The First Rule of Punk

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by Celia C. Pérez. Novel. 336 pages. Grades 3-6.
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Teacher's Guide

cover art

This wonderful book is rich in Mexican-American culture, music, friendship, school and family relationships. The central theme follows seventh grader Malú as she struggles to find her own place in relation to all these issues after having literally moved to a new place. As a read-aloud, it can even work with third graders, and some of them will be able to read it independently. Great for students right up to eighth grade. The text is broken up by illustrations of collages Malú creates as a kind of journal of her inner world.

Just as Malú (María Louisa) is entering the seventh grade, she and her mother move from Florida to Chicago so that her mother can take a two-year teaching job at a college there. Malú is devastated at having to move. Her parents are divorced, and moving will mean leaving her father behind, who Malú feels understands her much better than her mother. Malú nicknames her mother Super-Mexican because she is so into Mexican culture and is always pushing Malú (who is half Mexican American) to learn more about her Mexican heritage and to behave in ways more befitting of a Mexican American. Her father, on the other hand, runs a record store and is into punk rock, which Malú also loves. So, she feels pressure from her mom but acceptance from her dad.

Once in Chicago, Malú makes friends with Joe, and together with two other students, they form a punk band to try out for the school talent show. When they are eliminated from the show because they are too loud and not traditionally Mexican enough (the talent show is a celebration of the famous Mexican the school is named after), they decide to create an alternative talent show where they, and anyone else who wants to, can perform.

There is tension in the book as Malú keeps her punk band a secret from her mother because she is afraid her mother will try to stop her. The school is mainly Latino, so the book is a wonderful way to explore this culture in a setting where whites are the minority and racism is somewhat buffered because of the Latino majority. We also get to learn some about traditional Mexican music and Punk music. The first rule of punk is: Be myself.

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Things to Talk About and Notice

  • Families: Why is Malú worried about leaving her father behind? What will she miss about him?

  • Families, Communication: What annoys Malú about her mother? Would you find it annoying? Can you think of ways her mother could communicate her thoughts in a way that would not be as difficult for Malú?

  • Language Arts, Literary Analysis: What does the title mean? Why do you think the author chose it?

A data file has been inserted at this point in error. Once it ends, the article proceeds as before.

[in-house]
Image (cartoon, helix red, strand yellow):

• Self-Confidence: What do people mean when they say "Be yourself"? How do people expect you to actually do it? What factors make it difficult to be yourself?

  • Social Skills: What draws Malú to Joe? Notice their first dialog and how they initiate friendliness with each other.

  • Social Skills: What qualities draw the band members together? How do they negotiate differences of opinion and conflict?

  • Race, Cultures: One member of Malú's band is a non-Hispanic white in their otherwise largely Latino middle school. At one point, she mentions that her mother thought it would be good for her to experience being in the minority. What do you think about that? How is being in a white minority similar to being a racial minority in the US? How is it different?

  • Bullying: Why is Malú called a coconut? How does it make her feel? How do her feelings change when they name their band The Coconuts? Why?

  • Art, Music, Self-Confidence: Malú's art and music both help her in her efforts to discover more about what she really thinks and feels. They also help her have the courage to be more open about who she is. Why do you think they are helpful? How might they help you? What else might help?
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Activities

  • Social Studies, World Cultures, Writing: If you are familiar with Mexican-American culture, list some of the cultural references in the book that you also appreciate. Write about what you like about them.

  • Social Studies, World Cultures, Research: If you are unfamiliar with Mexican-American culture, list some of the references in the book and research more information about them.

  • Art, Writing, Journalling: Create collage journal entries similar to Malú's, but reflecting your own life.

  • Music: Find some punk rock music and listen to it.

  • Music, Poetry: Find some lyrics that you particularly like and write them up for a bulletin board display.

  • Culture, Music: Take a traditional song and make it punk or another contemporary genre.

  • Arts: Put on a talent show.

  • Self-Confidence, Art, Writing: Create an "I Am . . . " collage which reflects your strengths.

  • Writing, Authenticity: Write about something you might do or stop doing in order to be more true to yourself.

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Related Areas Within Carol Hurst's Children's Literature Web Site